Thanks Kerry. I feel better now. I thought I was slow(er) in the cool spring from sitting on the couch and eating junk all winter. :D
 

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Thanks Kelly and Anthony for putting some numbers to what I posted. I've spent way to many years in airplanes, gliders, hot air balloons and sailboats to not know something about wind and air density.
 

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What Would Google Do.
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Its funny how most? people come on the forum looking for 'answers'...you dont get answers here (or any forum for that matter) only opinion, yes there are answers and some RIGHT ones, but they usually get lost in all the nonsensicle stuff along the way, like in this one where people are talkin about air density on cold days....a little knowledge is a dangerous thing remember that!!. And given that you asked the question before and got a mixed OPINION (as always) chances are it'll be the same this time round! - so not sure what your after? as I said you'll just get another load of opinions and some arguing to the death that their one is the RIGHT one :rolleyes:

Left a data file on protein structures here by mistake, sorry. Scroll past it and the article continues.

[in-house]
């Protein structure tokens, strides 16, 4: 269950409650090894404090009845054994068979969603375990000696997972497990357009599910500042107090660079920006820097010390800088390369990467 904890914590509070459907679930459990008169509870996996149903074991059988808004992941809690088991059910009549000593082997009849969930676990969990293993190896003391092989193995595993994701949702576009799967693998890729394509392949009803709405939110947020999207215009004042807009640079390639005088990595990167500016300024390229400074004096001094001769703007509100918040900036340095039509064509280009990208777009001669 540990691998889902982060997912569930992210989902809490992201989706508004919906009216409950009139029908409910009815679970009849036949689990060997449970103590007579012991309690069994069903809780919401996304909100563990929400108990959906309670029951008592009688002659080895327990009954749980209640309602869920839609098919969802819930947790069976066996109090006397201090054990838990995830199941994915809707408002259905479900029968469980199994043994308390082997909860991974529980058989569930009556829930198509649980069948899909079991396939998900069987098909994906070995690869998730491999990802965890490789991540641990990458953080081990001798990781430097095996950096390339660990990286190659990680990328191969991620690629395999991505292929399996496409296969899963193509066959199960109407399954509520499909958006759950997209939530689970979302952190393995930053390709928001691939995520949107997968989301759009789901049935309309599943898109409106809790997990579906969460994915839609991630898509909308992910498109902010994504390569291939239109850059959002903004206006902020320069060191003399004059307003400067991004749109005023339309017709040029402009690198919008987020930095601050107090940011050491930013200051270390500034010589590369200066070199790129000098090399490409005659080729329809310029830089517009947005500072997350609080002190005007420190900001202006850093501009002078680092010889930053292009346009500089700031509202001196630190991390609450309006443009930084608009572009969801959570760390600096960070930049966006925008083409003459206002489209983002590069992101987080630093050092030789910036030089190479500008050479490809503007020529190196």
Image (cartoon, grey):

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Höchstgeschwindigkeit
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Damn, or is it cool? I thought it was the Amino Acids I started taking that has improved my speed and endurance. Was doing some nice pulls this morning at 28-31 mph. Alas, it is probably only air density, or plasibo or the wheaties.
 

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Discussion Starter · #20 ·
Its funny how most? people come on the forum looking for 'answers'...you dont get answers here (or any forum for that matter) only opinion, yes there are answers and some RIGHT ones, but they usually get lost in all the nonsensicle stuff along the way, like in this one where people are talkin about air density on cold days....a little knowledge is a dangerous thing remember that!!. And given that you asked the question before and got a mixed OPINION (as always) chances are it'll be the same this time round! - so not sure what your after? as I said you'll just get another load of opinions and some arguing to the death that their one is the RIGHT one
Well, you quite often get answers, or at least partial answers that you can follow up on. If you assume that even just a small percentage of respondents might know something you don't then the only problem is separating the "nonsensical" from the sensical, and with a modicum of critical evaluation, prior knowledge and common sense that's usually not too difficult. Opinions are often informed, and a little knowledge is the only starting point for more knowledge!

Incidentally I don't think the possible effect of air density on cold days is nonsensical, but that's because some people produced some figures, not just opinions! :)